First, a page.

An exceptional dataset for over 12,000 Carnegiea gigantea collected by the Arizona Department of Game and Fish over two field seasons on a restricted military reservation was released to the authors for analysis, including a variety of variables for which little empirical evidence exists. Data on epidermal browning, physical damage due to fire, lightning, gunshot or topping, rodent girdling, bird cavities and other variables were assessed using primarily chi-square analysis. The main findings of this study include: (1) Plants with high amounts of epidermal browning were rather evenly distributed across height classes, although the very smallest plants (0–0.9 m) had substantially less epidermal browning. (2) Although past work has shown that epidermal browning is surely a function of solar radiation receipt, other variables (bird cavities, girdling, damage, branching) are statistically linked with browning, raising the possibility that other biotic and abiotic factors may hasten browning. (3) Bird cavities are better predicted by height than branches, likely due to decreased visibility and exposure to thermally tempering winds caused by branches, and improved defensive position and reduced exposure to heating from the surface associated with taller plants.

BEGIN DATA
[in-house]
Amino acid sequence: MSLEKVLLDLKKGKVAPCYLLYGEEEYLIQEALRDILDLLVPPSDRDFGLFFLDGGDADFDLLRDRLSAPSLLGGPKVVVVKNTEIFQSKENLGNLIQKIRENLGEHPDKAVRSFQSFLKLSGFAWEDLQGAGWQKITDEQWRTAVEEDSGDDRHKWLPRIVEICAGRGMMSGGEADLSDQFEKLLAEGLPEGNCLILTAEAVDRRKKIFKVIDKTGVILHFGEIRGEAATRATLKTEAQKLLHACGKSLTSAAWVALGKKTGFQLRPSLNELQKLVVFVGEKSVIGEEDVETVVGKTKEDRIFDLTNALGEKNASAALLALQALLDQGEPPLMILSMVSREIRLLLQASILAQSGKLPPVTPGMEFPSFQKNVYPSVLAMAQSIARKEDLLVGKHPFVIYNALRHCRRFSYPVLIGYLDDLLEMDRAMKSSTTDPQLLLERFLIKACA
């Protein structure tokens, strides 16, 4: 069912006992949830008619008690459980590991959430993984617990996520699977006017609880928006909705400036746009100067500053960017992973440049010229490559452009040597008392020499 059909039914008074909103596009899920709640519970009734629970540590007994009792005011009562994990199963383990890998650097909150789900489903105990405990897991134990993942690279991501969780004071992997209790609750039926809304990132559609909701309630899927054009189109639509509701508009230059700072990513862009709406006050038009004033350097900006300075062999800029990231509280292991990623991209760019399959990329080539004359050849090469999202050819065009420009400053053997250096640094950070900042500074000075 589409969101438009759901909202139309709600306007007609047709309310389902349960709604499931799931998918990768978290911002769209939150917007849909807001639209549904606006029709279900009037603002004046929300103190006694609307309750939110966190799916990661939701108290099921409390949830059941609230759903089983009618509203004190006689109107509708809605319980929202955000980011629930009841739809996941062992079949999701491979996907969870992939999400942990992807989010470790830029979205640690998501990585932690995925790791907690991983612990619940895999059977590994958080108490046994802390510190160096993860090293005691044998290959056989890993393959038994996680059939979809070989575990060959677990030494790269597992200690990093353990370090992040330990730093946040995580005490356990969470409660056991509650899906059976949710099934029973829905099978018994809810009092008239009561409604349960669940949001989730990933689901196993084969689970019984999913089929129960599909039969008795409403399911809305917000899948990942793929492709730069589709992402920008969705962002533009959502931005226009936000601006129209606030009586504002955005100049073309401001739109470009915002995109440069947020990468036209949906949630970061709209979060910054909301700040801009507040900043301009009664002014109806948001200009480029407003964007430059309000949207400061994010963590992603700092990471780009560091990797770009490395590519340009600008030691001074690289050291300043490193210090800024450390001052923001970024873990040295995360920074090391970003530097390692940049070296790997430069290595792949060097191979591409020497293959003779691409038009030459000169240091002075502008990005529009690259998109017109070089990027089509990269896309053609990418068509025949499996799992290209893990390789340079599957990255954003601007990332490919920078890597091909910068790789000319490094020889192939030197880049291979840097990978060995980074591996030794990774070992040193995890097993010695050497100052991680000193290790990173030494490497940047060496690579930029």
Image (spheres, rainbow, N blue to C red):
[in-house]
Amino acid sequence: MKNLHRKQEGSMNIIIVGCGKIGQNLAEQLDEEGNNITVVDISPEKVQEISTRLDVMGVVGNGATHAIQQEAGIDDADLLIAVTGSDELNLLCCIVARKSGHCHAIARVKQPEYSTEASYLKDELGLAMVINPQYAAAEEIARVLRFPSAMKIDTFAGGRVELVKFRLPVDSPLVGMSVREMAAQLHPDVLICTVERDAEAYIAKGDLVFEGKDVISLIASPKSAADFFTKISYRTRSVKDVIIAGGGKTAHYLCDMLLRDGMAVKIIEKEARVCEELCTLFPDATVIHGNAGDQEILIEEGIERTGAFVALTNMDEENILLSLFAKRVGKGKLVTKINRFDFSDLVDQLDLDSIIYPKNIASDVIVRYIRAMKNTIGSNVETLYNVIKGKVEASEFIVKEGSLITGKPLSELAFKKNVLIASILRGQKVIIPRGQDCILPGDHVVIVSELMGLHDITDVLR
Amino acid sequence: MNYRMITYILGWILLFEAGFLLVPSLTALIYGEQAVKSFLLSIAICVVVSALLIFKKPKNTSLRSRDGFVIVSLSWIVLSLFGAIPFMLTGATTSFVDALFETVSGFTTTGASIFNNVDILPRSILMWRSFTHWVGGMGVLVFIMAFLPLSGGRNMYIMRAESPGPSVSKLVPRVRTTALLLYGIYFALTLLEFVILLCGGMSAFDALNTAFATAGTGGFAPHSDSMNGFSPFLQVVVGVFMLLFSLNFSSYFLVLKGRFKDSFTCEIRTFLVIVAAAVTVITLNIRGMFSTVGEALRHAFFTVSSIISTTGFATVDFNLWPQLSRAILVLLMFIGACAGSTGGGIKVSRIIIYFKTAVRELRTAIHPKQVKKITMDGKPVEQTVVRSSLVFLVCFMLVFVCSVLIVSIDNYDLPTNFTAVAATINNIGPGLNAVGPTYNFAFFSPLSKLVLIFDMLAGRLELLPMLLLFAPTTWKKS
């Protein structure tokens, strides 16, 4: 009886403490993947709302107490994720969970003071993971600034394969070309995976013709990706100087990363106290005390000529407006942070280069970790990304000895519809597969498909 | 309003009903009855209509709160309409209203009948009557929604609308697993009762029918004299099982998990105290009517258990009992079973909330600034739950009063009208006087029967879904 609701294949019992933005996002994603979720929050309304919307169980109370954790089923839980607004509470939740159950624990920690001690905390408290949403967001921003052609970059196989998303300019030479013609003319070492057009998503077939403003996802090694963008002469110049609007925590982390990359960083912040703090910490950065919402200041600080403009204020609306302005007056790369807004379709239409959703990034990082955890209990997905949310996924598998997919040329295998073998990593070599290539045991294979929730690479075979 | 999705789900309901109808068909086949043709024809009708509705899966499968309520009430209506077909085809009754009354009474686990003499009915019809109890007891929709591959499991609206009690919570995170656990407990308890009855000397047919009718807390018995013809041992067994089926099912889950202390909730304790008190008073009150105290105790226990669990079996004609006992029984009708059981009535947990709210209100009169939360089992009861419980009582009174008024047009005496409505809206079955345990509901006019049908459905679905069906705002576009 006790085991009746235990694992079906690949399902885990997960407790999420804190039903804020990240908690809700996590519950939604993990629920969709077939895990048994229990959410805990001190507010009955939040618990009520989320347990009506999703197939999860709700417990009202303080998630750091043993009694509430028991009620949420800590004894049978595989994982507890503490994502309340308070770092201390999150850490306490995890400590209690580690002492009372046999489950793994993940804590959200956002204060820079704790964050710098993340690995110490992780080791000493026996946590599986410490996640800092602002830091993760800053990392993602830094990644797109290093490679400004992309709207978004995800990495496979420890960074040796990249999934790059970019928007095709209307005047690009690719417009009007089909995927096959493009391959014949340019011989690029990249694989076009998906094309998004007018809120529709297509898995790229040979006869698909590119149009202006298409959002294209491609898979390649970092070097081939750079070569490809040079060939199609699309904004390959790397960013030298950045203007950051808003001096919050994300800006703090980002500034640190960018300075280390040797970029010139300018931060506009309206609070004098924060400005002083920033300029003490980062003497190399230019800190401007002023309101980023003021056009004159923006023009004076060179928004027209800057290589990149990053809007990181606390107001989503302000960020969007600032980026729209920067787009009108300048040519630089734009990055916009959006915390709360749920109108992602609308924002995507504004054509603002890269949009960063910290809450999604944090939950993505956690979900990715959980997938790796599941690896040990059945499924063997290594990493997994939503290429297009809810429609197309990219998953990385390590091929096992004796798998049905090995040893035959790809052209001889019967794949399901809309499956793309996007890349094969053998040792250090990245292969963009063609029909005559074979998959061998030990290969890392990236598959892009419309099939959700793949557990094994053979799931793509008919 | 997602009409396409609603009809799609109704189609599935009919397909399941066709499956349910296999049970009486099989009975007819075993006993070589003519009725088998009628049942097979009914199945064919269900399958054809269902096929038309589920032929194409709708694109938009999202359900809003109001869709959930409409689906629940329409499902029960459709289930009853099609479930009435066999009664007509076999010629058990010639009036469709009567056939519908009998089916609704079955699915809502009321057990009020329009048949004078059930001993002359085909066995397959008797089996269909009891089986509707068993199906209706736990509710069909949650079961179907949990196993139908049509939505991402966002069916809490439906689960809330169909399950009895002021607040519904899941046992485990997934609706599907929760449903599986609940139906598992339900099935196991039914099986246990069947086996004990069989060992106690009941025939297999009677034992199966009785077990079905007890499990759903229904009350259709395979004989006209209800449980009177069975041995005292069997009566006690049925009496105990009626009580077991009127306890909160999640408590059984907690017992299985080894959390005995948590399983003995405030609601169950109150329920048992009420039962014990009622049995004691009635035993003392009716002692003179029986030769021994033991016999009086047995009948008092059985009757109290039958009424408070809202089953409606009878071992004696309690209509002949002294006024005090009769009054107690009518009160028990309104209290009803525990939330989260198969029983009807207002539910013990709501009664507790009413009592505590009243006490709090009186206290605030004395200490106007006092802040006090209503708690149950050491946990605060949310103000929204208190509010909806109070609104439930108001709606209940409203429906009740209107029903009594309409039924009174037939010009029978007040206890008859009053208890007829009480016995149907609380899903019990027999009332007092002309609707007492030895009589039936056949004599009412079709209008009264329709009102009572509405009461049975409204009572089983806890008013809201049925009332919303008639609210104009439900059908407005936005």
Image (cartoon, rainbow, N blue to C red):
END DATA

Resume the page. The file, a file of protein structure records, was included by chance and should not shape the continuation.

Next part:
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1 January 2014
Relationships Between Epidermal Browning, Girdling, Damage, and Bird Cavities In a Military Restricted Database of 12,000 Plants of the Keystone Carnegiea gigantea In the Northern Sonoran Desert
Taly Dawn Drezner
Vol. 61 • No. 1
Vol. 61 • No. 1